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About mmx

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  • Birthday 04/11/1947

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    Virginia Beach, VA USA
  1. I use the 1.4x and 2x with the 80mm. The 1.4x for the 200mm works.
  2. mmx

    80mm Nerves

    Everyone calls it normal, but I consider it to be a major design flaw. It either needs a mechanism to dampen the movement or some sort of mechanical lock. I also carry a Canon MPE 65mm with Fringer adapter for hiking and backpacking, and may replace the 80mm with a Canon 100mm f/2.8 macro. I normally do not use AF for macrophotography to gain more precise focusing or for focus bracketing. The AF is useful when shooting bees, other flying insects and birds in flight. With the 80mm in my pack and a X-H1 with 100-400mm around my neck, I have had numerous occaisions where I was slowly approaching birds or other wildlife only to see them panic or get wary following the sound of the thud. Aside from this, the thud sound is just plain annoying and makes you wonder about the lifespan of the lens. Fujifilm makes great glass with excellent mechanical build quality and ergonomics, but some of their design decisions (a dozen or so filter sizes across the lineup, inconsistent use of OIS across the lineup, numerous missing primes in their lineup, etc.) are frustrating and suggest a lack of engineering design guidelines to restrict poor decision making.
  3. The 100-400mm with lenshood reversed without body will fit in one vertical compartment within a Tamrac Apache 6.2 Series bag. This particular bag is a bit wider than most messenger bags. I carry the 100-400mm, 80mm macro, 10-24mm mounted to X-H1 and a 1.4x teleconverter in mine. One of the outer end pouches can hold an insulated water bottle up to 3.5" in diameter. The front compartment is large enough to carry a selection of filters (with stack caps), cleaning supplies, pens or stylus. There is a tablet compartment for 9.7" iPads. The bag is nicely constructed using waxed canvas similar to the material used in Domke bags but thicker and much more rigid. Mine is a dark brown and I believe there is a blue or gray version. ThinkTank has a deep messenger bag coming. It is listed on B&H Photo as pending.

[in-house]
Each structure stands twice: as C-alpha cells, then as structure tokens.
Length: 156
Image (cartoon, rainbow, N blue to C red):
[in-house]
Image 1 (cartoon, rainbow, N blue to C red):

4. The newer but more expensive iPad Pro tablets with the latest Lightning-to-SD card adapter (B&H # APMLSDCR MFR # MJYT2AM/A) support SDXC UHS II cards resulting is much faster USB 3.x data transfer. The read speed of your SDXC cards will impact the data transfer rate. Western Digital has a product designed to transfer the contents of SD cards to an integrated SSD drive. B&H Photo also lists several similar products with widely varying reviews. Some people swear by them. Others do not.
  5. The Fujifilm Bluetooth implementation on my X-E3, if enabled, will drain the battery overnight when the camera's power switch is turned off. Bluetooth runs continuosly. I'm not sure if this is an intentional feature or a bug. Do not know if the X-T3 has the same problem.
  6. Olympus makes a camera-specific red-dot sight. It works on any camera with a flash shoe. In the past, I used the Olympus site with an X-T2 for birds-in-flight photography. I still have it but no longer use it since I bought my X-H1. A few other Olympus products can be recycled for use on the Fujifilm X series. For example, their twin flash bracket for macrophotography can be revamped to create macro flash system similar to the Canon MT-24 or MT-26 or Meike MT-24. Just mount a Godox wireless trigger on your flash shoe and install two Godox flash units on the Olympus bracket's macro arms. Manfrotto makes a less versatile bracket to use with a similar Godox flash setup. It all works because the Godox trigger and flashes are wireless.
  7. SmallRig makes affordable versions for the X-H1 with and without the grip. You won't find these on Amazon or B&H at this time but can order them direct from smallrig.com. Both include built-in tools for fastening the L-plate to the grip or body.
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